Sports

Thompson strives for excellence in track, football

Whether running the 100-meter dash or carrying the football, Chandler Thompson maintains a sunny disposition.  - Jeff VanDerford / The Record
Whether running the 100-meter dash or carrying the football, Chandler Thompson maintains a sunny disposition.
— image credit: Jeff VanDerford / The Record

Over the years, South Whidbey defensive back and track star Chandler Thompson has taken some heat from his teammates on the football team.

He can’t seem to work up a game face. You know, where the guys growl menacingly for the camera in a group shot, as if to say to other teams: “We are bad, so watch out.”

He’s as tough, if not more so, than the next guy, yet seems to always be smiling.

“Why not, life is good,” he said.

And so it is. Thompson was part of the second straight winning Falcon football squad last fall, has a 3.7 grade point average, plans for college and a new girlfriend.

For his efforts on the field and in the classroom, the Snohomish County Football Hall of Fame recently nominated him and teammate Trapper Rawls as scholar-athletes of the year.

The plaque he received said the award was for his prowess in football, leadership in school and academic achievement.

Thompson moved to Whidbey just as kindergarten was starting and has been here ever since.

His favorite classes are U.S. history with Mark Eager and calculus from Andy Davis; the former is also his running coach, the latter, his receiver coach.

He has applied to the University of Washington and Washington State University with an eye to studying business. He finds a lot in common between the Great Depression and the current economic climate.

“In the 1920s, people thought they had more money than they really did and would speculate on margin on what they hoped would be a rise in stock prices,” he said. “Today, it’s all about mortgages and, if we aren’t careful, the result will be the same.”

His father, Falcon wrestling coach Jim Thompson, asked him to look at California’s Pepperdine University, but Thompson has a mind of his own.

“I don’t have the urge to move down there; I think Washington has pretty good schools,” he said.

Last May, he joined Hisashi Sanda, Eric Stallman and Jon Poolman on the 400-meter relay run at state finals. He hopes to be there again this year, and also wants to compete in the 100-meter dash.

“The two sports are totally different, but complement each other,” he explained.

“My speed is crucial in football, and coach (Mark) Hodson’s weight program has helped me on the track. But I have to say there is nothing like the adrenal rush I get in the blocks about to start the 100 meter. You can’t mess up, have to do everything right to be successful.”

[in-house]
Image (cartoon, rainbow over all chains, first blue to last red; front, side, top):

Hodson remembered that he was impressed with Thompson’s skill and perseverance from the beginning.

“Once we converted him from cross country, we had him,” Hodson said. “And there’s a single-word play in our playbook: Chandler.”

When the word went into the huddle — Chandler — that’s all the team needed to apply a reverse hand-off pattern, taking advantage of Thompson’s backfield speed.

“Chandler’s just a great kid and now his brother Evan’s on the team as well,” Hodson added.

Thompson said switching to football was the best decision he could have made.

“I tried wrestling in middle school, but it wasn’t right. My dad was cool with it,” he recalled.

Eager said that Thompson has a great work ethic on the track.

“He really is tuned to excellence,” Eager said. “Always trying to master the skills he needs to be successful, showing up at practice every day, injured or not.”

Off the field, Thompson enjoys hanging out with his friends and listening to music; jazz, rock and techno-pop are his faves.

In fact, music is at the core of his senior culminating project.

He’s creating a techno CD, composing his own sounds through a software program on his computer.

“My presentation is about the creative process of writing music,” he said.

“It’s a little different than what others are doing, and that’s the point.”

Asked what he’d tell a future classmate asking about life on the island, he said the answer is easy.

“When you do something of value, everyone knows. When you screw up, everyone knows that, too. Life here is a double-edged sword. But pretty cool,” he added.

“One of my friends is from a big Chicago school, and he said he never knew the people in a single class, much less in the school. Smaller is better.”

Thompson began training for the spring track season this week.

“We’re going to have a terrific year,” he said.

We encourage an open exchange of ideas on this story's topic, but we ask you to follow our guidelines for respecting community standards. Personal attacks, inappropriate language, and off-topic comments may be removed, and comment privileges revoked, per our Terms of Use. Please see our FAQ if you have questions or concerns about using Facebook to comment.
blog comments powered by Disqus

Read the latest Green Edition

Browse the print edition page by page, including stories and ads.

Jul 26 edition online now. Browse the archives.